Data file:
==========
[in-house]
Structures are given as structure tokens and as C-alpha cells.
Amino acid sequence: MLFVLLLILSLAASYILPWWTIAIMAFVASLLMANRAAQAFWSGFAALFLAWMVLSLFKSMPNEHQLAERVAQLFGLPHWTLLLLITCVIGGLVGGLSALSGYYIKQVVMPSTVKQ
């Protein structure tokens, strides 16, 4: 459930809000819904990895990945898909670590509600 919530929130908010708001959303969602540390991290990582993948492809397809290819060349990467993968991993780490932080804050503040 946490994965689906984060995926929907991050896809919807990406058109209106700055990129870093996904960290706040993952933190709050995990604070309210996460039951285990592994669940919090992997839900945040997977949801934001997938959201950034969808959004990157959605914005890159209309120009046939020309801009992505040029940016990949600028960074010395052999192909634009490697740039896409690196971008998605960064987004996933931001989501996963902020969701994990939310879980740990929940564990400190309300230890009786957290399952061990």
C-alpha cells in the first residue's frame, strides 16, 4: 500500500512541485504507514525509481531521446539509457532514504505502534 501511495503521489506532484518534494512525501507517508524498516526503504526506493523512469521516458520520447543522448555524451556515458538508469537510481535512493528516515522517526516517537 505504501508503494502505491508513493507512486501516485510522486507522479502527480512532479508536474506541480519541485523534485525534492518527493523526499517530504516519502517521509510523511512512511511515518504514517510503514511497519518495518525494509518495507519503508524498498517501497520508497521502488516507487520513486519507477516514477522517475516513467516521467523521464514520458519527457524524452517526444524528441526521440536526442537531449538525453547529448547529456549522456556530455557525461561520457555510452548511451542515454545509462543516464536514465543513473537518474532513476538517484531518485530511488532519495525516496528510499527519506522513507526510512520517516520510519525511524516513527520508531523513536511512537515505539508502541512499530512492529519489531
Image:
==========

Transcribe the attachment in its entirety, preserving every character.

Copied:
[in-house]
Structures are given as structure tokens and as C-alpha cells.
Amino acid sequence: MLFVLLLILSLAASYILPWWTIAIMAFVASLLMANRAAQAFWSGFAALFLAWMVLSLFKSMPNEHQLAERVAQLFGLPHWTLLLLITCVIGGLVGGLSALSGYYIKQVVMPSTVKQ
């Protein structure tokens, strides 16, 4: 459930809000819904990895990945898909670590509600 919530929130908010708001959303969602540390991290990582993948492809397809290819060349990467993968991993780490932080804050503040 946490994965689906984060995926929907991050896809919807990406058109209106700055990129870093996904960290706040993952933190709050995990604070309210996460039951285990592994669940919090992997839900945040997977949801934001997938959201950034969808959004990157959605914005890159209309120009046939020309801009992505040029940016990949600028960074010395052999192909634009490697740039896409690196971008998605960064987004996933931001989501996963902020969701994990939310879980740990929940564990400190309300230890009786957290399952061990």
C-alpha cells in the first residue's frame, strides 16, 4: 500500500512541485504507514525509481531521446539509457532514504505502534 501511495503521489506532484518534494512525501507517508524498516526503504526506493523512469521516458520520447543522448555524451556515458538508469537510481535512493528516515522517526516517537 505504501508503494502505491508513493507512486501516485510522486507522479502527480512532479508536474506541480519541485523534485525534492518527493523526499517530504516519502517521509510523511512512511511515518504514517510503514511497519518495518525494509518495507519503508524498498517501497520508497521502488516507487520513486519507477516514477522517475516513467516521467523521464514520458519527457524524452517526444524528441526521440536526442537531449538525453547529448547529456549522456556530455557525461561520457555510452548511451542515454545509462543516464536514465543513473537518474532513476538517484531518485530511488532519495525516496528510499527519506522513507526510512520517516520510519525511524516513527520508531523513536511512537515505539508502541512499530512492529519489531
Image: